Now, I’m in my fourth week back to work and things are getting easier. We’re starting to get into a routine at home, I’m finding my work legs (and brain!) again and leaving my little one and thinking about her gets a little easier each day.
What I’ve learned returning to work twice now is that like anything hard or scary, it’s not easier to go it alone. You need someone to talk to, someone to listen. You need understanding and patience. And you need a safe space to talk about how you’re coping and to ask for help when you’re not. Going back to work is hard enough. We shouldn’t have to also take on the extra task or pretending like it’s not.
At previous jobs, I did have to pretend. It never felt like a safe space to talk about my daughter, let alone how hard it was to leave her sometimes. Being a parent felt like something I had to hide or prove didn’t slow me down. I couldn’t say no to travel, I had to deal with questions around why I worked from home on occasion (someone actually suggested moms work from home to avoid paying for childcare…yeah I know). At Guidepost at Home, it’s different. We all love little ones and a lot of us are parents, not to mention we all work with Guidepost at Home Families in one form or another. Everyone gets it. Not a day goes by that someone doesn’t ask about my daughters. No one thinks I don’t work as hard because I’m a mom—being a mom is actually seen as an asset here! At first it was hard to talk about my daughter at work—it made me miss her—but now after having my second daughter and trying to navigate having two little ones, I realize how lucky I am to be in this environment. I don’t have to pretend like this huge part of my life doesn’t exist. I feel supported. I feel understood.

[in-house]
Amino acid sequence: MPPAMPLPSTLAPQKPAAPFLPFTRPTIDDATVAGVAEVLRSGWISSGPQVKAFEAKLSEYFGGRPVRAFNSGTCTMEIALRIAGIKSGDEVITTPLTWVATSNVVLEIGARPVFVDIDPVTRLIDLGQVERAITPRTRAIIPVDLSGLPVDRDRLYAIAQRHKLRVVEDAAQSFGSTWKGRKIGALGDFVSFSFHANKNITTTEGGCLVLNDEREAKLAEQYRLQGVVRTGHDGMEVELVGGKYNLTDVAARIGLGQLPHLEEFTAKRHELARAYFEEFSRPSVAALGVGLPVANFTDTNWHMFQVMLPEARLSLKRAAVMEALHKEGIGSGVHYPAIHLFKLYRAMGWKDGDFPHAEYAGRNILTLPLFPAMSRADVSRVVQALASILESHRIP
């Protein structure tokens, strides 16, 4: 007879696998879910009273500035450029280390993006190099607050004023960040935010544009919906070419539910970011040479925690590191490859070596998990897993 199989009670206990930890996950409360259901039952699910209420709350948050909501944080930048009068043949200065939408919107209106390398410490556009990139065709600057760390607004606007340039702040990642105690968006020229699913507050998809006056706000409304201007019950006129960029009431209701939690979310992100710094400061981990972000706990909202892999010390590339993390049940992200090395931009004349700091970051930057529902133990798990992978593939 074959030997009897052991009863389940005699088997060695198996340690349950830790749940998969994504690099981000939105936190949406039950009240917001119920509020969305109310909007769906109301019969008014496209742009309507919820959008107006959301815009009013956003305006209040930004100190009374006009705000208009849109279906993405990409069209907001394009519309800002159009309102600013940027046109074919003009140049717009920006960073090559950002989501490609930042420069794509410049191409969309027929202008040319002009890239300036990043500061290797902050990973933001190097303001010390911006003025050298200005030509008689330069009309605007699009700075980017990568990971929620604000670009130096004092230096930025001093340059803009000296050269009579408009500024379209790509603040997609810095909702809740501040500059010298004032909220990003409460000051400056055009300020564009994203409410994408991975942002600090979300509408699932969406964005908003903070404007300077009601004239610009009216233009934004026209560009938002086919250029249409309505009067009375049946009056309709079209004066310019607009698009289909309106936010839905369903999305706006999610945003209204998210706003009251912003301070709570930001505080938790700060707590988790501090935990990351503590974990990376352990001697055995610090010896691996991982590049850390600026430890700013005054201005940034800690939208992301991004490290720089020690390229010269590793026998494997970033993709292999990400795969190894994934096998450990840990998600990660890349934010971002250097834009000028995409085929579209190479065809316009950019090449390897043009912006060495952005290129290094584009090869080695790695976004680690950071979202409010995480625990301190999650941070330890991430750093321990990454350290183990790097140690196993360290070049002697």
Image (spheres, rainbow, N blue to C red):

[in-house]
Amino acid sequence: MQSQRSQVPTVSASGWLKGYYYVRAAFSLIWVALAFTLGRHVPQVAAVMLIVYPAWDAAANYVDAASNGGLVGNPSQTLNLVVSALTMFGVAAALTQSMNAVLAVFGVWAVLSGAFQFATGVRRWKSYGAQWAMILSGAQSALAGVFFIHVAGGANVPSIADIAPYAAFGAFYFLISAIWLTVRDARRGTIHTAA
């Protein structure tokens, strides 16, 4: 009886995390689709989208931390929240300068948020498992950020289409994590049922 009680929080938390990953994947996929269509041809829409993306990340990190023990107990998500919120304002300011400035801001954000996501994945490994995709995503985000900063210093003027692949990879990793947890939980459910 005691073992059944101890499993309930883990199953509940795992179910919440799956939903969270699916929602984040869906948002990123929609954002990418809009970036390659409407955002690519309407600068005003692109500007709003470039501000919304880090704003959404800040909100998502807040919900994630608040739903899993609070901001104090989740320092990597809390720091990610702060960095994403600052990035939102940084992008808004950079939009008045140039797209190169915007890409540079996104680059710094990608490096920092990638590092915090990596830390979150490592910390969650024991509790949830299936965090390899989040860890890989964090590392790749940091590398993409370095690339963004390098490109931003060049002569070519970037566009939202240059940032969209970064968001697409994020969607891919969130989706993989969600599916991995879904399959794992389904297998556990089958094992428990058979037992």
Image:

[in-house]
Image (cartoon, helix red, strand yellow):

The biggest thing I’ve learned returning to work after having a baby is that having complicated emotions about returning doesn’t make you a bad employee—it makes you human. Maybe if we were all more honest about our experience and employers and coworkers listened, we could make the transition back to work easier for new moms and dads. Maybe if we allowed parents a safe space to be parents and employees, being a working parenting wouldn’t be as hard.
So, when your coworker comes back from maternity leave, ask how she’s doing—really ask. If you’re her manager, offer her some options to ease her back into work. She might not hit the ground running on day one, but know that she wants to—and will—again soon. She just needs a little time to get used to her new normal. In the meantime, keep asking how she’s doing…and stock up on some tissues for the office.
Kate Dunham is a mother to two strong, beautiful and very spirited little girls (three if you count her rescue pup, Emma, which Kate does!). Kate's professional life has always revolved around creating content —from fashion to high-tech —but now she gets to write about something that she not only knows, but feels..and she hopes her words help other parents.